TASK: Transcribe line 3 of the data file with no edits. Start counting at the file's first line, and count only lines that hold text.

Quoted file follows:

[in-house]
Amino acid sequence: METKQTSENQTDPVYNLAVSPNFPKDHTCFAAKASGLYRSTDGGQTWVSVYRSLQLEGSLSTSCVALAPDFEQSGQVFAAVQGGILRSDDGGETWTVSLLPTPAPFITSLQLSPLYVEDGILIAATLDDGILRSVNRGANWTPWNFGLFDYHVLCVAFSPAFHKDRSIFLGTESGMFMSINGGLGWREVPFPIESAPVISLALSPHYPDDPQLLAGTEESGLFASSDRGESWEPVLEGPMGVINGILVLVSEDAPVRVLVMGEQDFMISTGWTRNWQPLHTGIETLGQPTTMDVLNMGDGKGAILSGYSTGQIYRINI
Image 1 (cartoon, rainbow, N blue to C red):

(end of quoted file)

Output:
Image 1 (cartoon, rainbow, N blue to C red):